The Sandbox

GWOT hot wash, straight from the wire

Welcome to The Sandbox, a forum for service members who have served or are currently serving in Iraq and Afghanistan, returned vets, spouses and caregivers. The Sandbox's focus is not on policy and partisanship (go to our Blowback page for that), but on the unclassified details of deployment -- the everyday, the extraordinary, the wonderful, the messed-up, the absurd. All correspondence is read, and as much as possible is posted, lightly edited. If you know someone who is deployed who might have something to say, please tell them about us. To submit a post click here.

THE SAFE STORY |

May 08, 2013

Name: Mikey Piro
Returned from: Iraq
Hometown: Lindenhurst, NY
Milblog: ptsdsurvivordaily
Email: mpiro45@gmail.com

Framed PTSD WatermelonIf I am in a new group or environment and the topic of the Iraq war comes around I always keep my safe stories handy. If you are a Veteran, you know the type: anecdotal humor aimed at the lighter side of war. Some have more meaningful undertones than others, but those few safe stories that can break the ice and divert the conversation to mundane questions are invaluable for a readjusting Vet. (For the record: Yes, it is hot in Iraq. Yes, it is a dry heat. Yes, it still sucks.)

I highly recommend them, unless they become a crutch.

My Duty as a Soldier

I usually tell this story in the summer with friends at a BBQ. It is my safe story.

When I was a little more than half way through my second trip, my commander took mid-tour leave and I assumed command.

One of the more bizarre crises that developed arose from some Extra Soldiers who were shacking up on our camp and did not fully understand their environment.

We had an excellent perch atop a grain silo on the camp we controlled. The line of sight stretched well across the city, and it was adjacent to a Shia enclave that appreciated our presence. With thermal optics we could easily see a dog taking a crap a mile away.

The Shias in the town had been on the receiving end of some vicious attacks with car bombs and snipers. As such, they formed a heavily armed militia and barricaded their part of town.

The Extra Soldiers utilizing our facility were in a Sniper nest way up on the grain silo. I don’t know what their mindset was, or if they had been properly briefed. I kind of just assumed by rank and experience they knew where who were the good guys and bad guys. Bad assumption.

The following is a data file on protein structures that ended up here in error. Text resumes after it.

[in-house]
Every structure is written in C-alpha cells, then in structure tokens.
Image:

On a particularly hot afternoon, the Sniper team saw one of the militia raise a weapon seemingly aimed at a helicopter. Using a suppressed weapon, they shot him dead.

It must have been terrifying for the other militia men with the boy because he received a number of rounds in rapid succession that must have seemed to come out of nowhere. One minute screwing off on “guard duty," the next minute full of bullets and dead.

I was on patrol at the time and not at the silo. One of my Lieutenants called higher headquarters and briefed them on what happened. The concerned Shia group came over and inquired if we had killed one of their militia.

My Lieutenant, obviously having a slight lapse in upholding the Army values, told them the enemy must have done it. I wish I could have seen the instant he realized what a mistake that lie was.

As the words dribbled out of his mouth and through an interpreter, the Shia group immediately leapt into action. Cell phones started ringing across their compound. Someone was going pay, Death Squad style. They were going to drive across town and f#ck some Sunnis up.

My First Sergeant called me on the radio and requested I come back as an issue was brewing that required my attention. He didn’t want to discuss it over the radio.

“Great,” I thought. Radio discipline generally meant something messy.

I returned to camp and talked to my Lieutenant. I don’t remember the exact conversation we had that well, but I am pretty sure “What the f#ck ever possessed you to think this was a good idea?” came out in some way shape or form.

The sheik of the Shia group was a gnarly old leathery dude who looked like Splinter from the Teenage Mutant Ninja Turtles. He was a wily old man who knew how to play the US forces like a skilled musician.

The plan I scratched out in my mind was simple: I had to get to him fast, tell him the truth, and hope to avoid sectarian violence or blood revenge against US forces. The heat of the day was past, but it was still well over 100 degrees.

My crew and I mounted up. In a single Bradley, I took our senior interpreter, my Bradley crew, and a Radio Telephone Operator and drove into their compound.

The hive was busy getting weapons loaded into cars.  Men of all ages carrying RPGs, AKs and bandoliers scurried about, preparing for a fight. Everyone looked serious and pissed off.

As the ramp lowered and our interpreter and I looked around, we knew this was not going to be easy.